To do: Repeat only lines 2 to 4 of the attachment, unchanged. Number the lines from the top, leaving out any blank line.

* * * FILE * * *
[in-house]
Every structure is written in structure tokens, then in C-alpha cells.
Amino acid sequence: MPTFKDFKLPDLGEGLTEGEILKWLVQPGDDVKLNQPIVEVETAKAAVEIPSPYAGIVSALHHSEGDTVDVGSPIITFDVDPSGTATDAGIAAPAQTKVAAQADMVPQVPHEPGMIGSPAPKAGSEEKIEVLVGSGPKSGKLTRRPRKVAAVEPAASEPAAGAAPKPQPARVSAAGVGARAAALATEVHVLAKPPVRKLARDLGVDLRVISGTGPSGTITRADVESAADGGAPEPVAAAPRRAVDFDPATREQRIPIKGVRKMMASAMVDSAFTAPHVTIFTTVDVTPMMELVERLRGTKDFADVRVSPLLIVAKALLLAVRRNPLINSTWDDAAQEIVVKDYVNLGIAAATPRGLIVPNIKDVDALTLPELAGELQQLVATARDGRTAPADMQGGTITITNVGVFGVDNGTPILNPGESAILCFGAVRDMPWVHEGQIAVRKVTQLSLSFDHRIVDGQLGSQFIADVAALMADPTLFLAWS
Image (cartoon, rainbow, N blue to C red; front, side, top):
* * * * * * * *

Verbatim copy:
Every structure is written in structure tokens, then in C-alpha cells.
Amino acid sequence: MPTFKDFKLPDLGEGLTEGEILKWLVQPGDDVKLNQPIVEVETAKAAVEIPSPYAGIVSALHHSEGDTVDVGSPIITFDVDPSGTATDAGIAAPAQTKVAAQADMVPQVPHEPGMIGSPAPKAGSEEKIEVLVGSGPKSGKLTRRPRKVAAVEPAASEPAAGAAPKPQPARVSAAGVGARAAALATEVHVLAKPPVRKLARDLGVDLRVISGTGPSGTITRADVESAADGGAPEPVAAAPRRAVDFDPATREQRIPIKGVRKMMASAMVDSAFTAPHVTIFTTVDVTPMMELVERLRGTKDFADVRVSPLLIVAKALLLAVRRNPLINSTWDDAAQEIVVKDYVNLGIAAATPRGLIVPNIKDVDALTLPELAGELQQLVATARDGRTAPADMQGGTITITNVGVFGVDNGTPILNPGESAILCFGAVRDMPWVHEGQIAVRKVTQLSLSFDHRIVDGQLGSQFIADVAALMADPTLFLAWS
Image (cartoon, rainbow, N blue to C red; front, side, top):